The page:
April 15, 2014 ---A precocious virtuoso skillfully fingers out… Read more +
Help Children Outside of School
Educational success doesn’t rise and fall solely on the interaction between student and teacher, even if we’d like to dump the entire onus on the teacher. Rather, as we so often hear, it takes a village. The quality of education shows what we value as a society. It shows what we as a community put into the schools. Most importantly, support from parents shows what they value. If only we could get all parents to do their part.
The biggest and best potential resource for helping students and schools comes at no cost to the taxpayer. The resource is so obvious we often overlook it. It goes by the name of parents.
Unfortunately, they are least involved where they are needed most. That’s in disadvantaged schools. Their absence is one of the stark differences between those schools and their more advantaged counterparts.
Worries Other Than Education
Disadvantaged schools are begging parents to be involved in any way. It’s too much to hope they will participate in PTA-type meetings. Teachers would be thrilled if parents would spend just 15 minutes each evening reading with their child.
This difference in parental activity is not peculiar to Arizona. It turns up everywhere poverty is found.
The problem for Arizona is that we have more of that than most. Just under one-quarter of the state’s kids are flat-out poor, according to data from the National Center for Children in Poverty at Columbia University. Another quarter qualify as “low-income.” That adds up to one-half the students in the state.
Too many parents are much more caught up in putting food on the table, sometimes failing to do even that, than in helping Johnny to read.
Filling The Void
In more and more cases, the larger community is trying to fill the void.
Many community organizations – service and civic groups, churches, and businesses – are pitching in however they can, providing financial aid and supplies to schools, food to needy families, and volunteer help. In the best cases, principals use their assistance to help draw in parents.
What’s needed most is one-on-one help and encouragement. That’s obviously labor intensive.
Needs Outstrip The Resources
Some individuals volunteer as tutors and mentors. Some organizations seek to organize these efforts for a particular school. Tucson’s Reading Seed program seeks to provide support across the entire city. All of those efforts are wonderful, but meeting the entire need would take an army of volunteers.
The most effective way of taking up the slack is figuring out how to get parents to do what they should be doing in the first place. Each additional parent who “signs up” represents a step in the right direction.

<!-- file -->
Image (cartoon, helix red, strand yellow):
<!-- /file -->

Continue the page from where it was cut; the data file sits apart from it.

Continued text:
Education is widely regarded as the best avenue for escaping poverty, except poverty all too frequently prevents that from happening. It’s a Catch-22 like no other.
The education of low-income kids would get a huge boost if their parent or parents – or whomever else their caregiver might be – would do more to help them along. The very nature of poverty, however, inhibits many parents from helping in ways they should.
Their Struggles Become Their Kids’ Struggles
Low-income parents struggle for a variety of reasons. One-third of them are new to the United States, according to the figures of the National Center for Children in Poverty. Nearly half are single parents. One quarter did not finish high school. Nearly 20 percent are unemployed.
Their lack of support dooms their kids to the same discouraging prospects that beset them. This dismal situation will repeat itself, one generation to the next, unless we can interpose some change in the customary scheme of things.
We need to raise the stakes in getting parents involved. The best solutions are undoubtedly voluntary and very local, but ultimately we can’t take no for an answer. This may require that we work our way through a series of escalating steps to gain parent cooperation:
Require schools to institute some formal effort to make themselves relevant to these parents. Some educators have used school as a sort of community center. One uses an empty classroom as a bargain basement. Others have set up school programs that utilize the particular skills – e.g., farming – of parents. Another principal pulls in parents with a series of special events in the evening. If you have a program that works, please tell us about it here.
Underwrite a bilingual program that trains parents how to assist in their children’s education. Perhaps this program is run by the schools. Perhaps a non-profit supporter of education should step forward to create a parents league.
Require parents to participate in this program in order for their children to enter kindergarten, if not every grade. Each parent who follows through on even a portion of the program constitutes a step forward.
. . . And As For The Rest Of Us
The volunteers and community organizations that work to fill the gap give even more truth to the truism that “schools make the communities; and communities make the schools.”
We can heighten the effort by:
- Creating a clearinghouse to match up the offers of help from community organizations with the needs of schools.
- Sharing stories about successful partnerships so others can copy those techniques and programs. If you’re part of a program that really works, please tell us about it here.
- Creating a program to train mentors, with branches located around the state. We adults are well-meaning and many of us want to help, but we are not teachers. We need direction.